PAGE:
The best book I have read in 2016 is [amazon_link id=”0061777129″ target=”_blank” ]Necessary Endings[/amazon_link] by Henry Cloud.
It deals with the difficult process of ending things in our lives. This could be letting an employee or co-worker go, ending a bad habit, or making a needed change in our lives.
Take a look at some of the wisdom Cloud shares in this book.
“Your attempts to fix should also include a realistic assessment of the potential for recovery and whether or not you are indulging in false hope. Leaders by nature are often optimistic and hopeful, but if you do not have some criteria by which you distinguish legitimate optimism from false hope, you will not get the benefits of pruning.”
Working in a volunteer organization, I found the next one very challenging.
“I do believe that there is some number of people in every organization and every life who will be routinely “let go” if leadership is doing its stewardship job. The very nature of people is that there are some good ones who are not right for you, some sick ones in denial who are not going to change, and some who are adding nothing. Always. So if no one ever leaves your organization or your life, then you are in some sort of denial and enabling some really sick stuff all over the place. And it probably is accumulating. I have found this to be rampant in companies that have a high “people value.” The value is good, but sometimes it keeps them from doing what is truly valuing to people.”
One of the hardest things to do in an organization, or even in our personal lives is to admit a change need to occur.
“The awareness of hopelessness is what finally brings people to the reality of the pruning moment. It is the moment when they wake up, realize that an ending must occur, and finally feel energized to do it. Nothing mobilizes us like a firm dose of reality.”
So, when do we have hope? When should we believe and continue walking in faith to see change occur? Cloud speaks to this as well.
“Hope is based not only on desire, but also on real, objective reasons to believe that more time will help. That is way different from mere desire. Here is the principle: In the absence of real, objective reasons to think that more time is going to help, it is probably time for some type of necessary ending.”
“As the saying goes, “Hope is not a strategy.” This kind of hope is not worth spending more time and resources on. It is only buying you the time to continue to make more mistakes. If you are in a hole, rule number one is to stop digging. The last thing you need is more of this kind of hope.”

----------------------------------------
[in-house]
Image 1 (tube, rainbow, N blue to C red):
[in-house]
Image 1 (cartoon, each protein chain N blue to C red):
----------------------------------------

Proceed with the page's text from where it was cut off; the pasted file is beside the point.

Here is a simple question to ask. Since reading this book, I’ve been used this question on multiple occasions.
“What reason, other than the fact that I want this to work, do I have for believing that tomorrow is going to be different from today?”
“So the question is this: when can I have hope that a person is going to be different in the future than he is now or in the past? Answer: again, look for the objective reasons to hope, other than their saying “I’m sorry” or “I am committed this time.” You need a “reason to believe.”
Cloud gives nine objective factors to help you determine whether you can have hope that tomorrow will be any different from today:
- Verifiable Involvement in a Proven Change Process
- Additional Structure
- Monitoring Systems
- New Experience and Skills
- Self-sustaining Motivation
- Admission of Need
- The Presence of Support
- Skilled Help
- Some Success
Another truth in this ending process is:
“How do you know when to have hope for the future of someone’s changes?
Look at the degree to which you are having to drive the process.”
I hope these quotes give you an idea as to the depth of this book. I’ve read it twice and it has helped me greatly. Even in areas where I realize change isn’t going to happen….it has brought me peace.
I would highly recommend Cloud’s book to anyone on a team which feels stuck or people who wonder if “this will ever change?”.
Grab a copy today!
[amazon_image id=”0061777129″ link=”true” target=”_blank” size=”medium” ]Necessary Endings[/amazon_image]
Photo by Veri Ivanova